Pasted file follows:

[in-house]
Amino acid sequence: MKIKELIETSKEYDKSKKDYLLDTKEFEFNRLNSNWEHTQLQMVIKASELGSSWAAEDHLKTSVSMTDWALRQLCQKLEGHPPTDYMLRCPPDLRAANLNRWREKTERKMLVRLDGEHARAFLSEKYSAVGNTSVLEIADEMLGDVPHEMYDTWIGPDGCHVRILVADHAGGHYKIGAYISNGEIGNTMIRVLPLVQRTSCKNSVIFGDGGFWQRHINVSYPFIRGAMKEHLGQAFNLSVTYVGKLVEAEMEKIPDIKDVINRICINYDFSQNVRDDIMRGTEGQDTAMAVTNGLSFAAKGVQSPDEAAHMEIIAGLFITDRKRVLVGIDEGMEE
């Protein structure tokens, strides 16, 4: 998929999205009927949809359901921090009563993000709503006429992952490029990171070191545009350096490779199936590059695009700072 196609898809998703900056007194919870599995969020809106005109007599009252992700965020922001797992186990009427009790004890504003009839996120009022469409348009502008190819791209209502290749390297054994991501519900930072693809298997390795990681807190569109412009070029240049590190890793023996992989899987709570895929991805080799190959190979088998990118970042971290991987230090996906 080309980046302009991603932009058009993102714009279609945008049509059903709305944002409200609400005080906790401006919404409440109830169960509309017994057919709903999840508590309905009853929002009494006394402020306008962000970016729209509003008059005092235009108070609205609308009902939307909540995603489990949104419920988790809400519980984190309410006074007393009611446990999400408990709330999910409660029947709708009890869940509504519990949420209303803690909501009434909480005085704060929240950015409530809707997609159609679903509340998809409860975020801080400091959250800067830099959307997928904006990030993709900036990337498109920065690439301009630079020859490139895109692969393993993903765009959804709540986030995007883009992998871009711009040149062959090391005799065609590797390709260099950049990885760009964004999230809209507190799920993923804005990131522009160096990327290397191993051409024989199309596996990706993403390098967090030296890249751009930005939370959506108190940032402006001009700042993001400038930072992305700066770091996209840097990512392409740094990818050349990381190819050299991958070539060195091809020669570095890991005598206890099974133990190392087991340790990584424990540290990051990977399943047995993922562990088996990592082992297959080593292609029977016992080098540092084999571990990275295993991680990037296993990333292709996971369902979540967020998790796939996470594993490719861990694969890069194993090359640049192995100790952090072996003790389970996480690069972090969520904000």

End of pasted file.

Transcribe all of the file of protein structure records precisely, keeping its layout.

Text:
[in-house]
Amino acid sequence: MKIKELIETSKEYDKSKKDYLLDTKEFEFNRLNSNWEHTQLQMVIKASELGSSWAAEDHLKTSVSMTDWALRQLCQKLEGHPPTDYMLRCPPDLRAANLNRWREKTERKMLVRLDGEHARAFLSEKYSAVGNTSVLEIADEMLGDVPHEMYDTWIGPDGCHVRILVADHAGGHYKIGAYISNGEIGNTMIRVLPLVQRTSCKNSVIFGDGGFWQRHINVSYPFIRGAMKEHLGQAFNLSVTYVGKLVEAEMEKIPDIKDVINRICINYDFSQNVRDDIMRGTEGQDTAMAVTNGLSFAAKGVQSPDEAAHMEIIAGLFITDRKRVLVGIDEGMEE
């Protein structure tokens, strides 16, 4: 998929999205009927949809359901921090009563993000709503006429992952490029990171070191545009350096490779199936590059695009700072 196609898809998703900056007194919870599995969020809106005109007599009252992700965020922001797992186990009427009790004890504003009839996120009022469409348009502008190819791209209502290749390297054994991501519900930072693809298997390795990681807190569109412009070029240049590190890793023996992989899987709570895929991805080799190959190979088998990118970042971290991987230090996906 080309980046302009991603932009058009993102714009279609945008049509059903709305944002409200609400005080906790401006919404409440109830169960509309017994057919709903999840508590309905009853929002009494006394402020306008962000970016729209509003008059005092235009108070609205609308009902939307909540995603489990949104419920988790809400519980984190309410006074007393009611446990999400408990709330999910409660029947709708009890869940509504519990949420209303803690909501009434909480005085704060929240950015409530809707997609159609679903509340998809409860975020801080400091959250800067830099959307997928904006990030993709900036990337498109920065690439301009630079020859490139895109692969393993993903765009959804709540986030995007883009992998871009711009040149062959090391005799065609590797390709260099950049990885760009964004999230809209507190799920993923804005990131522009160096990327290397191993051409024989199309596996990706993403390098967090030296890249751009930005939370959506108190940032402006001009700042993001400038930072992305700066770091996209840097990512392409740094990818050349990381190819050299991958070539060195091809020669570095890991005598206890099974133990190392087991340790990584424990540290990051990977399943047995993922562990088996990592082992297959080593292609029977016992080098540092084999571990990275295993991680990037296993990333292709996971369902979540967020998790796939996470594993490719861990694969890069194993090359640049192995100790952090072996003790389970996480690069972090969520904000």